Lawrence Huber's picture

I just spent a day with my F-1 yesterday. It has been years.
What a pleasure to take out and use a truly professional classic.
I also took a collection several R, FL and FD primes.
It was refreshingly simple. This is a beautifully built professional film camera that once you use it you will be hooked. And price is very good on the used market but avoid abused ones as they were work horses that are pretty beat up on the outside.

Mike Shwarts's picture

Your title is misleading. Your wrote 'The question here is whether they are worth their going price, and to be on this list, I would say the answer is a definitive “no.”' It should be overpriced instead of overrated.

TIMOTHY HUNOLD's picture

Canon T90 and A-1 I think we're far better than their contemporaries. The T90 existed just before the first EOS bodies and I had one in it's prime. The A-1 metering was amazing.

Alfred Bradshaw's picture

In the SLR world, the Ricoh K mounts are stellar value. the ones branded by Sears have a cool anonymity and of course the K mount platform allows you to do whatever you want optically. Nikkormats are underrated and he same thing vis the F mount platform. Echoing comment on the FM, vs the FE, though I prefer the latter. In the rangefinder world the Canon P is underrated. same 1:1 viewfinder as an M3 but you can shoot it with a 35mm lens and the Leica screwmount platform also is broad. I know it is overhyped, but the Oly RC is probably the best point and shoot I have ever used. the lens is sharp and contrasty with character. its just a hefty little brick.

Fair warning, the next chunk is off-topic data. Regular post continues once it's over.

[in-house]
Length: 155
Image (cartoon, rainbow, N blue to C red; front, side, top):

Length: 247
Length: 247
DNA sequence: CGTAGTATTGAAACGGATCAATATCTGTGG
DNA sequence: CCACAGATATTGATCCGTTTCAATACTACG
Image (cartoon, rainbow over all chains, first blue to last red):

Rex Hadro's picture

Quite an article, Thankyou! I still have two Nikon F2 kits I used back in my Dark Ages with UPI in Beirut in the '80s Three bodies with MD2 motors. Two of each 20, 24, 35, 85, 180 and 300 Nikkors. Also have two Tamron 80-200 f2.8 and a 300 2.8 Adapt-all lenses. Still have an additional six F3 HP bodies with MD4 motors when I upgraded from the F2 cameras. I will be selling the F3 bodies shortly with their motor-drives. Medium format gear is as follows: three Pentax 67 bodies, Two each of the 55, 75, 90, 105, 135, 160, 300 and 400 lenses. Two Mamiya RB67 Pro-S bodies, Two RB67 Pro-SD bodies with Prism 2 finders on each. 22 Pro-SD 120 backs. Two of each 50, 65, 90, 140 SF, 180, 360 and three 100-200 zooms. One 500. Also have a C220 and a C330 with one each of the 55, 90, 180 and 360 lenses. Got the Para-menders too. I rotate my gear constantly and believe that's the reason they've lasted so long. I only shoot B&W. Half of my Medium Format gear was purchased between 2004 and 2006 during the Great Film to Digital era. All my MF gear and lenses are in Mint or near mint condition. A lot of it has gotta go as soon as my Covid-delaying house re-hab is done. My APSc Pentax Digital is good enough for what I've been doing since retiring anyhow. We're near a Pac-12 university that has a huge photographic curriculum. Quality film gear goes mighty fast and at a decent profit. I'm not looking to gouge folks either. My lighting and grip gear went almost as soon as it got posted on Craigslist. Keeping my location trucks.